AMC Entertainment discloses government antitrust probes

AMC Entertainment discloses government antitrust probes
The AMC theaters at the outlet mall in Orange. (Barbara Davidson / Los Angeles Times)

AMC Entertainment Inc., the nation's second largest theater chain, disclosed in a regulatory filing that the U.S. Department of Justice was investigating its business practices.

The Leawood, Kan.-based company, owned by China's Dalian Wanda Group, said it received a request known as a civil investigative demand on May 28 from the antitrust division of the Justice Department in connection with an investigation into alleged violations of the Sherman Antitrust Act.

AMC also disclosed that it received a similar request from Ohio attorney general's office.

As the Los Angeles Times recently reported, federal agents have been investigating allegations from independent theater owners that AMC and other circuits have used their market clout to block smaller rivals from receiving first-run movies at the same time the big chains do.

The department has already interviewed several theater owners across the country and requested detailed records from AMC and two other top chains, Regal and Cinemark.

The department has assembled a task force of attorneys and economists to examine a business practice known as clearances, licensing agreements in which theaters obtain permission from studios to exclusively show first-run movies in their theaters within certain zones, thereby blocking nearby rivals from playing the same movie at the same time.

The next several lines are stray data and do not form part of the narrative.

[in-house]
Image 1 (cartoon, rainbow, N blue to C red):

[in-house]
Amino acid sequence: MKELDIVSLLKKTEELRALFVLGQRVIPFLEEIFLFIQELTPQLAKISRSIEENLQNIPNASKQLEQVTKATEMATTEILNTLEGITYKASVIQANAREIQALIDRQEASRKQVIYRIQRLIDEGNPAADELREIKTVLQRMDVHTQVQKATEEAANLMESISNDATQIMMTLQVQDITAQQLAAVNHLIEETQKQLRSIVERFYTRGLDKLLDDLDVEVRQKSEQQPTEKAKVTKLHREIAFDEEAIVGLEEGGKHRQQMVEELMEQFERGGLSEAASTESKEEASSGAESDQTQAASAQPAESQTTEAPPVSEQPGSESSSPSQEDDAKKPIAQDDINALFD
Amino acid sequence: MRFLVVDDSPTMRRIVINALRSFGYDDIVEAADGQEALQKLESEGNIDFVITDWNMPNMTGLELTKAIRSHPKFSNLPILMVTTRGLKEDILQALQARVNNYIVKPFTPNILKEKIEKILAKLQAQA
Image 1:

"The CIDs [civil investigative demands] request the production of documents and answers to interrogatories concerning potentially anticompetitive conduct, including film clearances and participation in certain joint ventures," AMC said in its filing with the Securities and Exchange Commission on Monday.

AMC executives have maintained that their use of clearances is legal and consistent with longstanding industry practice.

"We do not believe the company has violated federal or state antitrust laws and are cooperating with the relevant governmental authorities," the company state in its filing. "However, we cannot predict the ultimate scope, duration or outcome of these investigations."

The investigation is being closely watched in the exhibition industry and in Hollywood because it could force changes in how major motion pictures are distributed and lead to costly fines for the big chains.

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